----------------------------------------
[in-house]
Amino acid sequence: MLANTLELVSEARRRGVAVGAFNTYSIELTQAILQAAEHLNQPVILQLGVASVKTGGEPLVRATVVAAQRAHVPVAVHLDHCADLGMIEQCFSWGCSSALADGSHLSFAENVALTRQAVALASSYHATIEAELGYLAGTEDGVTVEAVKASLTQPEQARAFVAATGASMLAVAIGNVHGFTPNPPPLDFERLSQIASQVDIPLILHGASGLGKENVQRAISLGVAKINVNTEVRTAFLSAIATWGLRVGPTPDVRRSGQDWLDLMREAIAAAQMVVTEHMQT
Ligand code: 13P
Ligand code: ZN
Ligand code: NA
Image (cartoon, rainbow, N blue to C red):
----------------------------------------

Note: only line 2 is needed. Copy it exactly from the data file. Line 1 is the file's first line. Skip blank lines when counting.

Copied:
Amino acid sequence: MLANTLELVSEARRRGVAVGAFNTYSIELTQAILQAAEHLNQPVILQLGVASVKTGGEPLVRATVVAAQRAHVPVAVHLDHCADLGMIEQCFSWGCSSALADGSHLSFAENVALTRQAVALASSYHATIEAELGYLAGTEDGVTVEAVKASLTQPEQARAFVAATGASMLAVAIGNVHGFTPNPPPLDFERLSQIASQVDIPLILHGASGLGKENVQRAISLGVAKINVNTEVRTAFLSAIATWGLRVGPTPDVRRSGQDWLDLMREAIAAAQMVVTEHMQT